If you were watching that bizarre facsimile of what we are now calling NFL football on the TV last night, you may have noticed that one Civil District Court race has "gone negative," as they say. Division F candidate Jennifer Medley ran an ad during the game that attacked incumbent Judge Chris Bruno for his "silver spoon" upbringing. This was, of course, contrasted with Medley's supposed meritocratic virtue. Medley is, herself, the daughter of former Judge Lloyd Medley so it's a bit rich to be raising the issue of which candidate was born into what. Medley and Bruno, in fact, have had more TV ads running than just about any local candidates on the ballot this fall. It's a curious distinction for one among many judicial races on the slate. We're now starting to learn what that's about.
It turns out that the ad we saw last night wasn't even the one Medley's people wanted to run. Instead they had cued one up that accuses (apparently falsely accuses) Burno of having been a "deadbeat dad." But the campaign was enjoined from running the ad at the last minute because of the dubious nature of the accusation.
The ad references a divorce case that began with a filing by his then-wife Kate Bruno in March 1995. It wasn't until 2009 that the child support question was settled with a consent judgment between the parties. In the meantime, according to an affidavit filed on Bruno's behalf by family law attorney Steven Lane, there wasn't a child support judgment or decree against him.
Bruno's own son filed an affidavit calling Medley's ad "blatantly false, malicious and insulting to him and his family." Both his parents had supported him financially, the son said.
More to the point, though, it also turns out the money to pay for all of this mudslinging comes from Sidney Torres. Here is why.
One of Bruno’s lawyers questioned why Torres’ production company was involved in making the ad buy. The lawyer, Megan Kiefer, claimed that Torres is pouring “tens or hundreds of thousands of dollars” into Medley’s campaign to “exact some vengeance” on Bruno.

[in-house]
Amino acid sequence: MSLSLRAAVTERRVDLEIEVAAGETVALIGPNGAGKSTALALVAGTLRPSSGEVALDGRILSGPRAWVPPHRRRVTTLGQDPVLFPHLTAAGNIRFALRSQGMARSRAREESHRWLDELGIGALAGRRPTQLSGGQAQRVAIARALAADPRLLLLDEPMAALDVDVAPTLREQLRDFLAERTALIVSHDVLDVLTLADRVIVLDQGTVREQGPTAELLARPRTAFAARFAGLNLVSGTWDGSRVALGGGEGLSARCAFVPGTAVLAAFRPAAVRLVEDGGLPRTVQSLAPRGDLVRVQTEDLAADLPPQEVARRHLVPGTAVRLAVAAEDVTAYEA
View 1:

Bruno last year issued a ruling against Torres in a case involving the ownership of 500 Frenchmen Street, which houses the night club Vaso.
Recall that the Vaso dispute pitted Torres against the Motwanis in a clash of real estate weasels struggling for control of Frenchmen Street. When the dispute flared up in 2018, Torres (probably taking some words out of context) publicly accused his opponents of making physical threats.
Torres cited a voicemail he said was left on his agent’s phone, as well as a phone call that, according to a court filing by Torres, had Aaron Motwani saying that if Torres didn’t comply with demands, “It will get bloody.” Torres' attorneys, in the court filing, cited what they described as a call log Torres' agent wrote shortly after the call, as well as a recording of the voicemail.
“I want to ask nicely for you to call us back," Motwani says on the voicemail cited in court. "But if you want to handle it the other way, we can handle it the other way, too.”
Aaron Motwani said his voicemail was taken out of context and did not reference a threat of physical harm. He declined to be interviewed but sent a text message in response to questions about the calls.
“As far as the comments, about blood on the street, those comments are completely false and were completely taken out of context,” Motwani wrote in the text message. “I have never or would ever threaten harm in a matter that should be handled through the courts. It’s a distraction from the facts of this case.”
Eventually, Bruno ruled against Torres who, while calling it a "snake move," on the part of the Motwanis went on to promise, "this whole thing is basically not over." And so now here he is funding Bruno's opponent. And that's how the blood feuds between oligarchs spill over into your elections, and onto your TV.